for soups, for part of the flour in bread, cakes, griddle cakes and bis- 
cuits. Dry it thoroughly and make crumbs to use on casserole dishes, 
for croquettes and meat balls, for stuffings for peppers and whole canned 
tomatoes. 

Cut the Bread Thin 

Do not serve new bread. It is unsatisfying and one eats more than is 
necessary. Cut the slices thin. You are not being deprived of food. 
Simply eat more of other things than bread. 

Sponge Cake without Wheat 

4 eggs 1 tablespoon lemon juice 

1 cup sugar J4 teaspoon salt 

1 cup barley flour 

Separate the whites and yolks of eggs, beat yolks, add lemon juice 
and sugar, then flour. Fold in well-beaten whites of eggs and bake in 
slow oven. 



For American Women 



23 



Substitutes for a Loaf of Brea$ 

6 to 7 Sweet Potatoes 

13 Irish Potatoes 
I 3 / 5 cups Rice 

4 cups Rolled Oats 
2 cups Hominy 

8 Corn Meal Muffins 

2 1 /* cups Corn Meal Mush (uncooked) 

14 Corn Meal Griddle Cakes 
1 cup Indian Pudding 

(}4 cup Corn Meal, 4 cups Milk) 

9 Oatmeal Cookies (3 inches in diameter) 
18 Peanut Cookies (2 inches in diameter) 

Each of these amounts will give the same amount of energy as a loaf 
of bread. 

Use Corn Starch or Rice Flour for Thickening 

Use these instead of wheat flour in making white sauce, brown sauce,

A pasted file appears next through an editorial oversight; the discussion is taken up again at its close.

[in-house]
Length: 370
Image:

gravy, pudding sauce, puddings. 



24 



War Cook Book 



Save Meat 

One or Two Meatless Days Every Week Will Help 
Win the War 



Serve bean loaf, cheese dishes, omelets, and milk. Serve fish, 
rabbits, and poultry raised at home. These foods take the place of 
meat. Use them freely. 

SUBSTITUTE FOR 2 POUNDS OF SIRLOIN STEAK 

1% pounds chicken 5 quarts milk 

2 pounds fresh salmon 23 eggs 

2 2 /» pounds halibut 

These amounts give as much body-building food as do 2 pounds of 
sirloin steak. 

GIVE COTTAGE CHEESE A FAIR TRIAL 

Cottage cheese, the curd of sour milk, is one of the most important 
meat substitutes. It supplies more protein per pound than most meats 
and is considerably cheaper. Make cottage cheese sandwiches. Serve 
cottage cheese balls with salads. Combine it with chopped pimento 
and peppers and serve with salad dressing. 

USE THE SKIM MILK 

Use it liberally for cream soups, creamed and scalloped dishes, des- 
serts, cottage cheese and chowders. 



For American Women 



25 



Use Vegetables 



Eat all the Potatoes You Want 



Eat them three times a day. Serve them baked, broiled, riced, 
mashed, warmed over, creamed, with fish, and in soups. Use them in 
making pancakes, bread, rolls and biscuits. Use them to take the 
place of part of the wheat bread. Never waste them. Their starch 
and mineral content is valuable. 



Soy Beans 

Make bean soup 
purees. 

Baked Soy Beans 

13^2 cups yellow soy beans 
H cup navy beans 

X cu p su s ar 

34 teaspoonful mustard 

1 small onion 

yi pound salt pork 

Soak beans 12 hours, put in 
baking dish in which the salt 
pork, onion, sugar and mustard 
have been placed. Cover with 
cold water and cook in a slow 
oven at least 12 hours. 



Learn to Use Beans 

Navy Beans Lima Beans 

baked beans, succotash, bean loaf or roast, 



bean 



Lima Bean Roast 

1 pt. dried Lima beans 
}/2 pt. peanuts 
}/2 pt. stale bread crumbs 
1 teaspoonful onion juice 
1 teaspoonful salt- 
Pepper 

Soak beans 12 hours. Cover 
with water and boil until tender. 
Press through colander. Put pea- 
nuts through meat grinder. Mix 
with bean pulp. 



Put the Peanut on Your Table